Minority Caucus in Parliament has called on President Nana Akufo-Addo to immediately consider setting up an independent Committee of inquiry to investigate circumstances under which 100.10 grams of cocaine impounded by the Narcotics Control Commission (NACOC) and entrusted in the custody of the Customs Division of Ghana Revenue Authority (GRA) disappeared.
The disappearance of the whitish substance came to light when the Director General of NACOC, Mr. Francis Torkornoo publicly lamented that the Customs Division of the Ghana Revenue Authority failed to account for the substance after his outfit had seized and handed over the substance plus an amount of Two Hundred Thousand Dollars (USD200,000) to them.
Details of Mr. Torkornoo’s account of events following the impounding of the vehicle which had the substance concealed in a false compartment under its fuel tanker on Friday, June 5, 2020 revealed that, whereas a decision was taken to send the vehicle and the packages seized to Accra for the commencement of investigations, the Custom officers in and around the same duty post declined to allow officers of NACOC to proceed to Accra with the seized items.
However, when a further inventory was taken of the packages recovered from the impounded vehicle two days later, the 100.10 grams of the whitish substance suspected to be cocaine could not be accounted for.
Addressing the media in Parliament on Wednesday, June 17, 2020 on the issue, the Minority Spokesperson on Defence and Interior, James Agalga, blamed the confusion among the two government agencies involved in the controversy on the failure of leadership of President Nana Addo-Dankwa-Akufo-Addo.
“The Minority in Parliament is of the considered view that the lack of synergy amongst the country’s security agencies at our borders mirrors the failure of the leadership of President Akufo-Addo as Chairman of the National Security Council. Such failure portends grave danger to our national security as a whole,” he said.
The Minority raised a number of questions not only to drive home its point, but also considered as major concerns which must engage the attention of the President as the Commander in Chief of the Ghana Armed Forces against any for reign aggression on the people.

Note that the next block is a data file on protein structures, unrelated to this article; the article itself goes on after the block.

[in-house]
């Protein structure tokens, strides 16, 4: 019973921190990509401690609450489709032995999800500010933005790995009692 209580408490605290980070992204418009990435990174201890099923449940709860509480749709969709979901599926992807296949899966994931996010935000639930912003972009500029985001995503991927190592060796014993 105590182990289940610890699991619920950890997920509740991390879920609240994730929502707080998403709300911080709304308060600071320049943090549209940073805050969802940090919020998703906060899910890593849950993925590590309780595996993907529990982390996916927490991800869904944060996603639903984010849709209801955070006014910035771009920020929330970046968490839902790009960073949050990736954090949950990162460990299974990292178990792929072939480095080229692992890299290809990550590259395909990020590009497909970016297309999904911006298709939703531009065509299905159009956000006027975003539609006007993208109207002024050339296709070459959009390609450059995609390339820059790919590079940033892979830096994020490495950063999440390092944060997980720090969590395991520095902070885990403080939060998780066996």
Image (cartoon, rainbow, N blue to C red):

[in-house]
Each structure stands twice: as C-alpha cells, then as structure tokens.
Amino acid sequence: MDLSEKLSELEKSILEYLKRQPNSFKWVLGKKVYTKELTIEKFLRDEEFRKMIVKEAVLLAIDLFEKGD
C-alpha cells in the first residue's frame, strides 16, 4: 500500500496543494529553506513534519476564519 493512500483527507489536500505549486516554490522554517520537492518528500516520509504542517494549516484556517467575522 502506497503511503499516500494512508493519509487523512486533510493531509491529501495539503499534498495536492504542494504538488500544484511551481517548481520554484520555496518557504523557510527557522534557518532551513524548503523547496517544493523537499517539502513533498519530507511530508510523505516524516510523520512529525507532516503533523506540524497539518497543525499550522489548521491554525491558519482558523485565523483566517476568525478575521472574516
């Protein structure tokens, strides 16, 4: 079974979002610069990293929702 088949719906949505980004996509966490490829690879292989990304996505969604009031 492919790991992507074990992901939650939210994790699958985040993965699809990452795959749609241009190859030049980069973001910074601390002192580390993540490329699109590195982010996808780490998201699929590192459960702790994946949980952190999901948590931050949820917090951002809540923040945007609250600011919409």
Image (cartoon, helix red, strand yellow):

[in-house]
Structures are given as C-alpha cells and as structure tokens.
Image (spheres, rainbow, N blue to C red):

It demanded to know how the impounded vehicle managed to cross the Aflao border into Ghana at a time the country’s borders remain closed as part of measures rolled out by the President to stem the spread of COVID-19.
It also asked whether the security agencies including: NACOC; Customs; Immigration; police and the Bureau of National Investigation are not required to collaborate in their quest to protect the country against the commission of cross-border crimes such as drug trafficking, smuggling, child trafficking and even terrorism.
The Minority further asked if it was not the case that at the level of the National Security Council Secretariat (NSCS), there exist the Joint Intelligence Committee (JIC) which coordinates the operations of all the security and intelligence agencies with the view to promote efficiency, information sharing, and also to root out unnecessary turf wars.
The Ranking Member on the Parliamentary Committee on Defence and Interior and Member of Parliament for Builsa North, James Agalga, therefore called on the Government of President Akufo-Addo to follow precedent by allowing an independent body to thoroughly investigate the Aflao cocaine saga.
President Kufuor set up the Georgina Wood Committee of Inquiry to investigate the disappearance of 77 parcels of cocaine from the MV Benjamin missing cocaine issue in 2006. Similarly, in January, 2008, the then Minister for Interior, Kwamena Bartels, set up the Kojo Armah Committee of Inquiry to investigate the circumstances that led to the substitution of cocaine with flour at the police exhibits room at the CID headquarters in Accra.
Source: Clement Akoloh || parliamentnews360.com